Such an appeal would be costly, and it is likely that CMS would take the position that the effect of a finding of immediate jeopardy on entitlement to VBP payments is not appealable. For budgeting purposes, however, a hospital should assume that a finding of immediate jeopardy during the performance period will disqualify it from receiving VBP payments.
Further Evaluation. In the final rule outlining the VBP program, CMS noted that “several commenters requested improvements to or clarification of the Medicare State Survey and Certification Process prior to its use in the Hospital VBP program” [76 Fed. Reg. 26530]. Given that an immediate jeopardy finding may result in a hospital’s exclusion from the VBP program, it is crucial for CMS to ensure that survey organizations perform surveys and issue immediate jeopardy findings in a consistent manner.
CMS did acknowledge in the final rule that it intends to further evaluate the immediate jeopardy definition in the context of the VBP program, but for many hospitals that clarification has not timely occurred. Nonetheless, in its evaluation of immediate jeopardy, CMS should consider many facets of an immediate jeopardy finding in the context of the VBP program.
For example, CMS may consider whether varying degrees of immediate jeopardy findings are warranted, such that the degree of seriousness of an immediate jeopardy finding is considered before excluding a hospital from the VBP program. Furthermore, the timing of an immediate jeopardy finding also should be considered. For example, such a finding may be imposed months after the incident(s) that formed the basis for the finding and after corrective action has been taken by the hospital, but still the hospital is barred from the VBP program.
For the fiscal year 2014 VBP program, the patient experience of care and clinical process of care measures share the same performance period (April 1, 2012, to December 31, 2012), while the mortality measures have a different performance period (July 1, 2011, to June 30, 2012) [76 Fed. Reg. 74122, 74535 (Nov. 30, 2011)]. The performance period for mortality measures in FY 2014, therefore, overlaps with the performance period for FY 2013 (July 1, 2011 to March 31, 2012).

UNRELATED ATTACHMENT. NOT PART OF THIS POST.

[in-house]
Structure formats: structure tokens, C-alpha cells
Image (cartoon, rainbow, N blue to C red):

A hospital that has an immediate jeopardy finding in the FY 2013 performance period and is thereby excluded from the VBP program for that year will presumably also be excluded from the FY 2014 VBP program as a result of the performance period for mortality measures. CMS has acknowledged that “a single performance period that applies to all of the Hospital VBP measures for a particular payment year would be desirable” and intends to move toward that structure in the future. In the interim, however, an “immediate jeopardy” finding, depending on when it falls, may possibly exclude a hospital from multiple VBP program years.
Notwithstanding CMS’s statement that it would consider modifying how findings of immediate jeopardy affect participation in VBP, its flexibility is limited by the statutory language. In any event, CMS has not made any changes to its policy and, at least for the present, a finding of immediate jeopardy during the performance period (even if the related incident occurred outside of the performance period) will exclude a hospital from participation in VBP.
Depending on the hospital’s actual performance, this exclusion may or may not be punitive. Obviously, a hospital that would have qualified for an incentive payment will be disappointed if a finding of immediate jeopardy prevents it from receiving the hoped-for payment. On the other hand, a hospital that would suffer a penalty under VBP will benefit from being excluded from VBP.